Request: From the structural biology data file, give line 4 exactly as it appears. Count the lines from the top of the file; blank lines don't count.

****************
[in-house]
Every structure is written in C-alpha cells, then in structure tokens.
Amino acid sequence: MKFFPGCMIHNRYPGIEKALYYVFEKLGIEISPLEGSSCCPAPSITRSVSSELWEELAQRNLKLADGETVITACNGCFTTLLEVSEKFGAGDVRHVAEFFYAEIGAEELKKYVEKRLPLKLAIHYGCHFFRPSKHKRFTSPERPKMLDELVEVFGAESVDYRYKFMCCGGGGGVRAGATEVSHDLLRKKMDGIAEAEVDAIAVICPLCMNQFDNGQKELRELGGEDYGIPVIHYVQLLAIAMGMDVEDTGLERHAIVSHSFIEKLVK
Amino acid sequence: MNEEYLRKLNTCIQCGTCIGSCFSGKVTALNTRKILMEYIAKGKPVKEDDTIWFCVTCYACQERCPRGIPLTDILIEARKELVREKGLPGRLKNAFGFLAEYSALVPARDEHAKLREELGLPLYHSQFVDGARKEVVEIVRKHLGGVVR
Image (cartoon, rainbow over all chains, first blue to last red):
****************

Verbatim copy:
Amino acid sequence: MNEEYLRKLNTCIQCGTCIGSCFSGKVTALNTRKILMEYIAKGKPVKEDDTIWFCVTCYACQERCPRGIPLTDILIEARKELVREKGLPGRLKNAFGFLAEYSALVPARDEHAKLREELGLPLYHSQFVDGARKEVVEIVRKHLGGVVR